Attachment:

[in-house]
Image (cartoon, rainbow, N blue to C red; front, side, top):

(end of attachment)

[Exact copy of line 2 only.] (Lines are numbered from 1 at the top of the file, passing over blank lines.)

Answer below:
Image (cartoon, rainbow, N blue to C red; front, side, top):